Backstop, no deal, transition period, WTO rules, divorce bill, withdrawal agreement — these new terms have entered our everyday lexicon since the EU referendum. So much so, in fact, that the BBC and many other media outlets have their very own “Brexit jargon buster” on their websites to help readers.

However, while admittedly hard to avoid, this jargon can hurt an organisation’s chances of winning trust and support from an audience. And again, this comes back to clarity in communications. If a person or group cannot easily understand what a person is saying and why they are saying it then it becomes difficult for them to offer their support.

Organisations and their spokespeople must try, as best they can, to remove themselves from the bubble in which they operate and ensure certain terms are either avoided or clarified.

UK government

Create a united front

Regardless of there being too little honesty and too much jargon, the most obvious flaw in the government’s Brexit communications strategy has been its inability to create a united front. Indeed, this has proved almost impossible due to the lack of consensus within the Conservative Party — let alone the House of Commons — regarding the desired Brexit outcome.

Nonetheless, there is a clear lesson to be learnt here: when there is a lack of a uniform “party line”, the scope for negative news is greatly increased.

From charity to startup, multinational business to government department, it is vital an organisation’s spokespeople are seen to be championing the same values. Not only will this ensure a particular message is clearly conveyed to an audience, but it also prevents contradictory statements appearing in the media — something that is certain to damage the reputation of a brand or company.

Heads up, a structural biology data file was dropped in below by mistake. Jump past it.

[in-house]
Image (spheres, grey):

Even when people’s opinions or perspectives vary, a party line can still be achieved by making sure there is a core set of points — ideals, if you will — that unite the people within an organisation.

The government’s failure to create anything like a united front has fuelled the media’s portrayal of Brexit chaos. While such divisive events may not ever impact other businesses to the same degree, the need for a strong brand identity that is supported through a proactive, consistent PR strategy remains hugely important.

PR news and views

Considered, coherent PR strategies

It is all too easy to criticise the government’s handling of Brexit as an armchair pundit. It’s also unfair to take cheap shots at bestiality-related stories involving a former PM.

Ultimately, uniting a country divided (almost) down the middle while also negotiating a deal with Brussels and getting a majority of MPs to agree to it is perhaps the hardest task any Prime Minister has been faced with in recent times. Nevertheless, there is no question that businesses can learn some valuable lessons about PR and communications from the way political leaders have struggled with Brexit.

Businesses can be thankful that they will never face such scrutiny as Cameron, May and Johnson have. Yet the challenges involved in connecting with particular audiences, building trust and handling potentially negative news are ones that many leaders will face.

To overcome such challenges, businesses require a well-considered, coherent PR strategy. Moreover, as has hopefully been stressed here, clarity and uniformity in both the language and messaging they use are absolutely essential. Adopting such an approach will maximise the chances of a business’ communications being effective, in turn ensuring its overarching PR strategy is successful.

Dominic Pollard

Communications Director

About the author

With a history degree, journalism Master’s, and several years’ experience writing about business and technology for both the national and trade press, Dominic moved into the world of content marketing and comms in 2014. He joined City Road Comms in 2016, becoming the agency’s director of comms two years later. Dominic now oversees clients’ strategies and the overall operations of the agency.